FDA demands records from bottled water company linked to hepatitis outbreak
A bottled water company continues to refuse to cooperate with an FDA investigation of non-viral hepatitis. The agency reports that the water is the only common denominator among the outbreak patients.
“Given a lack of cooperation by the firm, FDA investigators have been unable to complete investigations at the ‘Real Water’ Inc. facilities in Henderson, NV, and Mesa, AZ, and have not been provided with requested records. As a result, on March 23, FDA issued a Demand for Records under section 414 of the Federal Food, Drug, and Cosmetic Act,” according to the public alert from the Food and Drug Administration.
“Consumption of ‘Real Water’ brand alkaline water is the only common link identified among all of these cases to date.”
Five people in Nevada are confirmed sick from non-viral hepatitis and all five have been admitted to hospitals. The U.S. Centers for Disease Control and Prevention is assisting the FDA and the Southern Nevada Health District with the investigation.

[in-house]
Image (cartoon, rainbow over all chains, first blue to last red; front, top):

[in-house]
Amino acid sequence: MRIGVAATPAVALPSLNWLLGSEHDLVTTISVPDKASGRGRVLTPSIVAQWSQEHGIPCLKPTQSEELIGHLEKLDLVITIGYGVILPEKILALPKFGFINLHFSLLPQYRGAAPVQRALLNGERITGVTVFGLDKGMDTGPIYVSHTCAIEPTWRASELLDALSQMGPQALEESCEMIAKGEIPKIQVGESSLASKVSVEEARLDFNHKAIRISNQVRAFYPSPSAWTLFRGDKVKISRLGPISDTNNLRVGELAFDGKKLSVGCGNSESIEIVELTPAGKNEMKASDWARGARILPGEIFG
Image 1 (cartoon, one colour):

The company issued a recall of all of its water March 24. The products include but are not limited to: 5-gallon containers sold through home delivery/subscription; bottles sold on-line and in stores; and the “Real Water” concentrate sold on-line, according to the FDA.
According to the firm’s press release, the recall includes 1.5 liter, 1 liter, 500-ml and 1 gallon ready-to-drink alkaline water bottles and 4-ounce bottles of “Real Water” concentrate.
Anyone who has consumed any of the recalled water and developed symptoms of hepatitis should seek medical attention. Also, it can take up to 50 days for symptoms to develop, so anyone who has consumed the water recently should monitor themselves for symptoms in the coming weeks.
Symptoms of all types of hepatitis, including non-viral hepatitis, are similar and can include fever, fatigue, loss of appetite, nausea, vomiting, abdominal pain, dark urine, clay or gray-colored bowel movements, joint pain, yellow eyes and/or skin.
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